How I Work As A Freelance Writer
Emails pop into my inbox at least once a week, asking how I became a writer. This is wild baffling to me, as I must be projecting some facade of success on social media even though I tweet about depression and being broke like twice a week.
Anyway, I get why people ask. I used to email my heroes all the time before I moved to LA, asking how they did it. Now that I’ve met them and even worked for some, I can say with confidence that it is all messy and you are no less equipped than the people you revere. It sounds overly simplified, but the only way to do it is to do it.
Because of the emails, I want to answer some here so that I don’t feel bad not answering them all. My big disclaimer is that I have fucked up so so so many times as a writer and a person, and a lot of privilege allows me to keep working at it. I’m a white girl who went to college largely because my parents paid for part of it. I’m not a rich kid, but I have parents who would let me live in their basement if I failed. I have editors who I’ve met over the years that were there to vouch for my abilities after my fuck-ups. And I have a supportive partner who buys me dinner sometimes, for what it’s worth.
But here goes.
I have no idea how to get started or what to do like do you submit writing samples to companies or something?
Basically. My history is that I interned for BUST magazine’s website when I was a junior at Rutgers University, so I had blog clips to take other places. I was such a shitty intern! Like, awful. But I was okay at blogging. Be really good at your internships. I don’t know what that’s like but I imagine it helps.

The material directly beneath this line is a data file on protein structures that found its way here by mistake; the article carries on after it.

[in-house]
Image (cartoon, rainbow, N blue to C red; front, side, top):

So that helped me flip those clips into getting a column at my school paper, etc. Then I just kept interning and sucking at it. Finally I interned at Variance Films and I didn’t suck, and there I learned practical writing, like press releases and stuff. That helped me get rando gigs in LA, like writing for a dating coach.
My main advice is to be good in your jobs, however small, and make connections, and write for less at first. Pitching is awfully simple, actually: you email the editor of the vertical where your piece would live, you introduce yourself and include a link to any clips you have, and you sum up your idea and its relevance in four or less sentences. That’s it. Say thank you and follow up once. After that, consider it a no. Rinse and repeat.
The trick is to have your own blog where you’re already writing. Prove you can think and write. I started my career by writing for free, getting essays published on Thought Catalog. I wouldn’t recommend them, but I would rec publishing your own stuff on Medium or on smaller indie WordPress sites. Local papers and websites always need words. Go for the little guys, then pitch your favs. Rinse, repeat.
NEVER EVER email an editor and ask if they are accepting pitches and what they’d want if they were. They don’t have time to give you a guide. Just pitch your ideas and get a yes / no. Most places are always accepting pitches. They’ll tell you after you pitch if they aren’t.